Ethical leadership ensures that an organization runs in compliance with laws and regulations governing them and creates a healthy work culture. Such a format puts emphasis on being conscientious through vigilance and highlights their responsibility (Kim et al. 2018). The leaders take their position and responsibility as a critical aspect and keep them accountable for any disruption caused. Through such activities, a generic focus on empowerment is introduced which ensures a continual development cycle (Feng et al. 2019).  Ethical leadership is considerate about causing minimal harm and a sense of equality exists among the members. Through an effective format, the issues get reported at a regular interval and the possibility for it to be recognised gets faster.

On contrary, the set of advantages of following such a leadership scheme, a certain derogatory influence also exists for the organisation in consideration. A progressive ethical leadership often suffers from a lack of comprehensive support as the structure suggests every member to be on the same page. As a result, a single spec of unethical activity would lead to an avalanche of events. The approach needs clarity all the time and does not support the presence of any confusion so a sense of honesty and openness has to exist (Neves et al. 2018). Otherwise, members on the same page end up working differently without even realising. An ethical leadership format would require a compliance programme to spread its influence and such a programme ends up consuming a lot of money and time. Finally, an effective leadership programme depends on the influence of a leader, so it is a necessity to be charismatic and confident enough to pitch the visionary.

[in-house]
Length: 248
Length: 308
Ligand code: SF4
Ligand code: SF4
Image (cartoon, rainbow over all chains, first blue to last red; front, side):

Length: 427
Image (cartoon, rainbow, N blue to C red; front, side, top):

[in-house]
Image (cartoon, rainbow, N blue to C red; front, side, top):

Owner of Microsoft, Bill Gates is an ethical leader himself owing to the fact that he expects the best out of his workforce and challenges them up to their capacities (Sites.psu, 2019). In compliance with his vision and approach, he considered every member of the organisation to be equally important and ended up making millions out of the higher management. His charitable activities have served as a stepping stone for most of the upcoming leaders of the 21st century and are termed “Kinder Capitalism”. A greater sense of responsibility is observed through his schemes of helping those who were not capable enough to benefit from his market force. This in turn illustrated his vision of spreading the wealth from the privileged to needful.

Comparison of Authentic and Ethical Leadership

Modern business environment has made it critical for leaders to focus on adjusting with new styles of leadership for addressing adversities faced by the businesses. According to Bowers et al. (2017) selection of an appropriate leadership style depends on the attributes possessed by a leader as well as the type of situation the person has to manage. As identified from the evaluation of authentic leadership and ethical leadership, the key differences between the two leadership styles are as follows. According to Hoch et al. (2018), authentic and ethical leadership when coupled with extensive transformational leadership, suggests low utility with relevance to specific outcomes. Hence, it is essential for leadership expertise to emphasise collaboration of both authenticity and ethical. Authentic leadership provides better relationships with employees and employers which increases the organisational performance by improving the cultural diversities.